If all of this seems like an exercise in historical navel gazing then consider some of the questions around in Europe today. For those in the UK who voted to leave the EU, take back control and regain their sovereignty we know there is no consensus on what those phrases  means. For some in Scotland self-determination has been achieved by the return of the Scottish parliament to Edinburgh. For others, the Holyrood parliament is merely a stepping stone along the way. For some of the Catholic minority in Northern Ireland self-determination will only be achieved when they join a completely different country. How can the issues of self-determination be finally settled  in Catalonia? The response of the Spanish Government to the 2017 referendum exposes the difficulties when self-determination comes up against an established larger ethnic group. And when we look at the Middle-East, one of the great victims of imperial greed, we see the tragedy that is Israel where the right to self-determination of the Palestinian and Jewish people are in direct opposition to each other.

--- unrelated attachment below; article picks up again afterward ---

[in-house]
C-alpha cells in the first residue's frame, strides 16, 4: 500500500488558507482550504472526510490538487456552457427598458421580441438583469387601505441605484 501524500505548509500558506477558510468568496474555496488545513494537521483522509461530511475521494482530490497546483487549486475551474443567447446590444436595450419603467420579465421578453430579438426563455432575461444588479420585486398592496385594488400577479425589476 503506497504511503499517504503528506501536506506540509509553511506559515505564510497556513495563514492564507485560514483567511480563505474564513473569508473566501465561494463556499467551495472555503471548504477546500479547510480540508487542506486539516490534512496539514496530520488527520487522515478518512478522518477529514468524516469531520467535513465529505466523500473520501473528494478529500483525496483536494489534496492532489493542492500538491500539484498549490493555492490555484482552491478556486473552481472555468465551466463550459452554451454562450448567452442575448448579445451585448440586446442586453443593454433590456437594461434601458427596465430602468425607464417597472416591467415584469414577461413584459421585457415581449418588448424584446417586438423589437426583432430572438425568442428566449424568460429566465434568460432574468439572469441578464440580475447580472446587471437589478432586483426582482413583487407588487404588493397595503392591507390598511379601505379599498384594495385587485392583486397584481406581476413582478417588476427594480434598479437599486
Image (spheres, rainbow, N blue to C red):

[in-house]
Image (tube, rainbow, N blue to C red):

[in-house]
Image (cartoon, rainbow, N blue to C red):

History has a long reach and the past one hundred years in Europe has seen the consequences, some good and some bad, of the decisions taken at the Paris Peace Conference. Great phrases such as ‘the right to self-determination’, ‘take back control’ and ‘Brexit means Brexit’ have their place as political slogans and in rousing speeches but when the applause dies down it is time for some quiet reflection, some measured discussion and some clear explanations.